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The third measure adopted by the Department, on its own responsibility, without waiting for the action of Congress, was to contract with private parties for the construction of small, heavily armed screw-gunboats. Twenty-three of these were built, of which the Unadilla and Pinola may be regarded as types. They were of five hundred and seven tons each, and mounted from four to seven guns. Some of them, within four months from the date of contract, were afloat, armed, and manned, and took part in the battle of Port Royal. From their rapid construction, they were commonly known as the ‘ninety-day gunboats.’ Nine of them were in Farragut's fleet at the passage of the forts below New Orleans. They were an important addition to the navy, and were actively employed both in fighting and blockading during the whole war.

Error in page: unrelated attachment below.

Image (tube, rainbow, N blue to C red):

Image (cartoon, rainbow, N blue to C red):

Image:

For service in the rivers and in narrow sounds and channels, still another class of vessels was needed. To meet this want, a fourth measure was adopted, by building twelve paddle-wheel steamers, three or four hundred tons larger than the gunboats, but still small vessels, and of very light draft. To avoid the necessity of turning, they were provided with a double bow, and a rudder at each end. These were the famous ‘double-enders.’ The first twelve were the so-called Octorara class. Twenty-seven larger vessels of the same type were afterwards built, composing the Sassacus class. The Wateree, a vessel of the same size and general design, was built of iron. Finally the Mohongo class, also of iron, consisted of seven double-enders of still larger size, and carrying a heavier armament. The Ashuelot1 and Monocacy still represent this class in the service

The fifth and last measure for the increase of the naval

1 News of the loss of the Ashuelot is received as this volume is going to press.

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